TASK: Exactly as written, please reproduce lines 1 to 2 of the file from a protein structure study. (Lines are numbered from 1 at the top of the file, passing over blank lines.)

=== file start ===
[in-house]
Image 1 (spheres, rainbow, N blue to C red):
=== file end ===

[in-house]
Image 1 (spheres, rainbow, N blue to C red):